Inside a DSO: What it was like for this dentist during the COVID-19 limitations

By Kevin Henry, DrBicuspid.com editor in chief

May 29, 2020 -- Ashley Keen-Ramirez, DDS, practices dentistry in Ruskin, FL, about 30 minutes south of Tampa. She started with Aspen Dental as an associate in 2013 after graduating from Louisiana State University's dental school and now has a team of 11 (including herself) in her practice.

Ashley Keen-Ramirez, DDS
Ashley Keen-Ramirez, DDS.

I wanted to ask her what it has been like working for a dental service organization (DSO) over the past few weeks considering the limitations that dentists around the country have faced. Of course, each practice and state are different, but I wanted to talk about the DSO mindset during and after the changes that have occurred in our industry because of COVID-19.

Q: What were things like for you and your practice when dentistry was first impacted by the pandemic?

A: We ran the gamut of emotions. At first, it was just kind of shocking trying to figure out what we were going to be doing. Everything changed pretty much daily. We were getting different requirements from the Florida Board of Dentistry and the governor and the state, so we started with emergency care only. We then realized that the demand wasn't there even for us to keep the doors open, so we actually closed for a few weeks. We were taking calls remotely, and we started doing some virtual care, including teledentistry.

As the Paycheck Protection Program (PPP) loans came through, we were able to open our doors and provide direct care to our patients again.

Q: Working with a DSO (Aspen Dental), what kind of communication were you getting from the national perspective during this time?

A: At first, with everything happening so quickly, we were having calls twice a week with all of the owners throughout the company, as well as our support system from our headquarters in Syracuse and Chicago. The focus was on what to do with our practices, what should our staffing model look like, can we afford to keep the doors open, and topics like that. As things started to settle down, we still had twice-a-week calls, but now we were talking about where do we head from here, what's next, and what are our next steps.

Once the loans were finalized, we were able to drop the calls down to once a week, because we were starting to provide patient care again. We began focusing on what can we do to keep our teams, our patients, and our ourselves safe, and our community safe at the same time.

Right now, we're still doing a once-a-week phone call. We're discussing personal protective equipment (PPE) levels, what does our demand look like, what should our scheduling guidelines and our staffing models look like, and focusing on the future, which is also really promising. We're discussing what we're going to do to help get patients back in the door.

I don't think virtual care is going away and neither does most of our team, so we're also focusing on virtual care and how we can implement that into our daily practices while we're providing direct care as well.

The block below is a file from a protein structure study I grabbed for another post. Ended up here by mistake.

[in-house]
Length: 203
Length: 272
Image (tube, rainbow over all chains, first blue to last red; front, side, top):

Q: You mentioned PPE. What has it been like for you to work on that through Aspen? Did they do most of the work, or did you have to do a lot of research and looking around for the right PPE?

A: Aspen did the majority, if not all, of the work. They were on the front lines figuring out what we needed, what were the mandates from the U.S. Centers for Disease Control and Prevention (CDC) and Occupational Safety and Health Administration (OSHA), and how do we get that PPE looking outside of our normal supply chains. We have a great relationship, but in times like this, I've been so grateful for the support that they provided. It has been invaluable. Having someone there for you, but also finding the things that we need to keep everybody safe and be able to provide the care that our patients need, has been great.

Q: How has the support system been with other Aspen dentists during this time?

A: Amazing. You know, I've always said that I've mentored doctors and I have a lot of mentors within the company, and if someone is having a problem, the chances are that someone else has had this exact same problem. Having that support system of people to just talk to and vent and bounce ideas off of is so important.

Just to validate you as a human and have someone hear you is also important right now. Mental health is a struggle right now for a lot of people, not just in dentistry but all over the world. We're going through things that we've never gone through before, and having support is critical.

Q: What's next for you and your practice?

A: We're trying to figure out what the new normal is going to be like, getting used to working wearing all this different PPE, and making sure that we can continue to get it and provide care for our patients safely. We've staggered appointments, so that we're not overbooked at any time and the contact patients have with others is minimal. They also see us wearing all of this new PPE and constantly wiping things down. Most people are very thankful. They can see what we are doing to keep them safe, and they can appreciate that. They feel safe coming into the office, and I'm very thankful for that.

The comments and observations expressed herein do not necessarily reflect the opinions of DrBicuspid.com, nor should they be construed as an endorsement or admonishment of any particular idea, vendor, or organization.


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